There are alternatives to psychiatric diagnosis which can help people to make sense of experiences of distress.

Some remarkable changes are happening in mental health theory and practice, and yet most professionals, let alone service users, have hardly heard of them. ‘A disorder for everyone!’ is the title of a movement making its way round the major cities of the UK as an event, with the aim of bringing these new ideas to everyone.

"A trauma-informed understanding of someone’s distress is likely to focus on the impact of difficult events. What we call ‘symptoms’ are better seen as ‘survival strategies’ – creative ways of coping with emotionally overwhelming events and situations, which helped at the time, but may become a problem in their own right."

At each event, organiser Jo Watson, psychotherapist, and Lucy Johnstone, clinical psychologist, are joined by speakers and workshop leaders from a range of backgrounds, both professional and lived experience. The day usually starts with performance poetry and ends with a lively panel discussion. In between, attendees are invited to question everything they have been told about psychological and emotional distress, and to come to their own conclusions about what they learn.

The central message of the day is that there are alternatives to psychiatric diagnosis which can help people to make sense of experiences of distress, however extreme, and which are based on working together to explore personal meaning.

These are sensitive issues, and it is important to emphasise that no one is doubting people’s very real distress and desperation, such as suicidal feelings, panic, hopelessness, urges to self-harm, struggles with eating, and in some cases, terrifying mood swings or hearing hostile voices. But the core question posed by the event is whether these awful experiences are always best understood as a form of illness which needs diagnosing. The distress is all too real – but is the widely-accepted explanation correct?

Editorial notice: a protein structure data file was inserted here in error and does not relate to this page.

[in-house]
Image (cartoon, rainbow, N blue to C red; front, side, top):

Few people will be aware that even senior figures in psychiatry have described the current system for describing people’s difficulties in terms like ‘schizophrenia’, ‘bipolar disorder’ and ‘personality disorder’ - the Diagnostic and Statistical Manual for Mental Disorders - as ‘totally wrong, an absolute scientific nightmare’. Nor is it widely appreciated that there is no evidence for the ‘chemical imbalance’ theory of depression – or of any other mental health condition.

Forming a story rather than a diagnosis

In this context, a range of emerging alternatives to diagnosis has emerged. One which is slowly growing in popularity within services is formulation, which is an individual summary or story developed jointly with the service user over a period of weeks or months. Formulations draw on psychological evidence about the possible causes of someone’s distress in their lives and social circumstances. These personal narratives help to suggest interventions that are not based on the idea that someone is suffering from an ‘illness’ of some kind.

Trauma informed approach

We also have emerging alternatives to the ‘illness’ model of distress. One of the most important is known as the Trauma-Informed Approach, a radically different perspective which is summarised in the slogan ‘Instead of asking “What’s wrong with you?” ask “What’s happened to you?”’ It is based on the large and growing amount of research demonstrating that difficulties and adversities of all kinds, especially in childhood, greatly increase the likelihood that people will experience mental health problems (along with many other difficulties) later on in their lives.

A trauma-informed understanding of someone’s distress is likely to focus on the impact of difficult events such as bullying, abuse or bereavement, or social stresses such as living in poverty or experiencing racial discrimination. From this perspective, what we call ‘symptoms’ are better seen as ‘survival strategies’ – creative ways of coping with emotionally overwhelming events and situations, which helped at the time, but may become a problem in their own right.

Are we ready to move away from a diagnostic model which too often traps people into a patient role without addressing their real difficulties? Professionals, service users, carers and anyone else who is ready to explore this question will find plenty of food for thought at the ‘A disorder for everyone’ events. Follow the link for our forthcoming events in Brighton, Birmingham and London, take a look at the reviews and resources on the website, and prepare to be challenged.

www.adisorder4everyone.com

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